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Prevention and responsibilities

This page has information about preventing and reducing the severity of bushfires in the Northern Territory (NT).

Notifying others

If you know of a fire on your property that is likely to spread to other land, you must try to control the fire. 

If you can't control the fire, you must by law immediately call emergency services by phoning 000 and contact neighbouring property holders.

Read about contacting emergency services.

The maximum penalty for not taking action is 500 penalty units or imprisonment for five years. 

Link to NT penalty units.

Firebreaks

Firebreaks are cleared trails around the perimeter of a property that can help prevent the spread of bushfire and enable vehicle access to fight fires.

They can also provide a life-saving escape route if things go wrong.

There is a requirement to establish firebreaks within a Fire Protection Zone. By law, it is your responsibility to install and maintain clear firebreaks on your property.

Did you know?

  • Firebreaks must be a minimum of 4m wide
  • Firebreaks must be installed around the perimeter of your property, as well as around your house or any other permanent structure, stationary engine or flammable materials?
  • Firebreaks should not have any vegetation more than 50mm high and free from slashed or dead material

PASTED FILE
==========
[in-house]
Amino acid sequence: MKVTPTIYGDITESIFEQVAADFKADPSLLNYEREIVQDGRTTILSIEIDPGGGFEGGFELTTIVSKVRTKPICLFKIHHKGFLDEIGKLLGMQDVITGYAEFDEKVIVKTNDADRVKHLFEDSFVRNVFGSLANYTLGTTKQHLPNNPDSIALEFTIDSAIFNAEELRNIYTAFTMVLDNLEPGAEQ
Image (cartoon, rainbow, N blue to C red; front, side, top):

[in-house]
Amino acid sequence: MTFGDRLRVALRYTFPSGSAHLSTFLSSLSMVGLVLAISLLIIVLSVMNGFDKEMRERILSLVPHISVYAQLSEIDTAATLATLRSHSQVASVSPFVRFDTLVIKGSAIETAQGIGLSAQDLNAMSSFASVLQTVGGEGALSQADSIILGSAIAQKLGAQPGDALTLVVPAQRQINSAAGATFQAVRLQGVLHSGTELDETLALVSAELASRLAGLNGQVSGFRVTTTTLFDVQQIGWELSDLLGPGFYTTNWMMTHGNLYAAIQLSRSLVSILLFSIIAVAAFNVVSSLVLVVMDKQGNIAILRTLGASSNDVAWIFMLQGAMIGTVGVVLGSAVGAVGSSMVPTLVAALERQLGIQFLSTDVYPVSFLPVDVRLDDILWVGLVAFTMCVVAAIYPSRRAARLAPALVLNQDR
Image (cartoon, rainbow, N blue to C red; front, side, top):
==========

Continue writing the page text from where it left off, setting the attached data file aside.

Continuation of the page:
If you do not establish or maintain firebreaks on your property you could be fined up to 20 penalty units and 2 penalty units for each day during which the offence continues..

An order can also be issued for Bushfires NT staff to enter your property and undertake the required works at your expense.

Prescribed burning

Burning to reduce fuel loads is a major component of the bushfire mitigation program across the NT.

This technique has proven highly effective in establishing areas of low or no fuel that contain the spread of bushfires and protect lives, property and the environment.

Prescribed burning is carried out from the air and on the ground.

For more information, contact Bushfires NT using the details on the volunteer with Bushfires NT page at the Northern Territory Government website. 

Aerial burning

Controlled burning from the air is carried-out every year in many regions of the NT, and reduces the number of and intensity of bushfires.

Aerial burning helps to reduce fuel loads, some of which are created by exotic grasses like mission and gamba grass.

These introduced grasses dry-off, fuelling intense and destructive bushfires during the fire season.

Fuel reduction burning

Fuel reduction burning is also carried out throughout the NT every year to reduce fuel loads and create strategic barriers against the spread of bushfires.

Engines and equipment 

To prevent fire risks, you must not start or drive a motor vehicle, or start an engine, unless it has an effective spark arrester. 

You must only use grinding, welding or cutting equipment in the open if you are sufficiently clear of flammable material. You should have firefighting equipment on hand.

Disposal of burning matter

It is an offence to dispose of any matter that is still burning or smouldering, such as a cigarette, by throwing it on the ground near flammable materials.

The maximum penalty for not thoroughly extinguishing disposable matter is a fine of 100 penalty units.